In 2008, we published our chest pain protocol for the management of acute coronary syndromes (ACS) and acute myocardial infarction. Our algorithm was specifically designed for our institution, which includes primary percutaneous intervention (PCI) for all ST-elevation myocardial infarctions (STEMIs) and a preferred invasive approach for non-STEMIs. Since 2008, there have been changes in the adjunctive pharmacotherapeutic armamentarium for PCI in both the STEMI and non-STEMI ACS context. In particular, recent data on the novel antiplatelet agent prasugrel, dosing of clopidogrel after PCI, and interactions with clopidogrel and other medicines and substrates, which can lead to decreased platelet response to clopidogrel, have led us to update our ACS clinical pathway. We present our updated chest pain algorithm with a brief review of the rapidly evolving changes in adjunctive pharmacotherapy for PCI, and provide rationale for the changes that we have made to our institutional protocol. Clinical pathways need to be regularly updated and revised by incorporating new evidence from clinical trials to ensure optimal clinical care.
Updating the chest pain algorithm: incorporating new evidence
In 2003, we published our chest pain protocol for the management of acute coronary syndromes (ACSs) and acute myocardial infarction. Our algorithm was specifically designed for our institution, which was primary percutaneous coronary intervention (PCI) for all ST-elevation myocardial infarctions (STEMIs) and a preferred invasive approach for non-STEMIs. Since 2003, there have been numerous changes in the adjunctive pharmacotherapeutic armamentarium for PCI in both the STEMI and non-STEMI ACS context. We present our updated chest pain algorithm with a brief review of the rapidly evolving changes in adjunctive pharmacotherapy for PCI and provide a rationale for the changes that we have made to our institutional protocol. Clinical pathways need to be consistently updated and revises by incorporating new evidence from clinical trials in order to maintain clinical relevance.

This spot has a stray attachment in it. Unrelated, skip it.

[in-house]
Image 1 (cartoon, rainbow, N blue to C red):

The effect of soft cervical collars on persistent neck pain in patients with whiplash injury
OBJECTIVE: To assess the efficacy of soft cervical collars in the early management of whiplash-injury-related pain. METHODS: A controlled, clinical trial was conducted in an urban ED. Adults with neck pain following automobile crashes indicated their initial degrees of pain on a visual analog scale. Patients with cervical spine fractures or subluxation, focal neurologic deficits, or other major distracting injuries were excluded. Patients were assigned to receive a soft cervical collar or no collar based on their medical record numbers. Pain at > or = 6 weeks postinjury was coded as none, better, same, or worse, and analyzed as 3 dichotomous outcomes: recovered (pain = none); improved (pain = none or better); and deteriorated (pain = worse). RESULTS: Of 250 patients enrolled, 196 (78%) were available for follow-up. Of these patients, 104 (53%) were assigned to the soft cervical collar group, and 92 (47%) to the control group. These groups were similar in age, gender, seat position in the car, seat belt use, and initial pain score. Pain persisted at > or = 6 weeks in 122 (62%) patients. The groups showed no difference in follow-up pain category (p = 0.59). There was no significant difference between the 2 groups in complete recovery (p = 0.34), improvement (p = 0.34), or deterioration (p = 0.60). The study had a power of 80% to detect an absolute difference of at least 20% in recovery, 17% in improvement, and 7% in deterioration (2-tailed, alpha = 0.05). CONCLUSIONS: Most patients with whiplash injuries have persistent pain for at least 6 weeks. Soft cervical collars do not influence the duration or degree of persistent pain.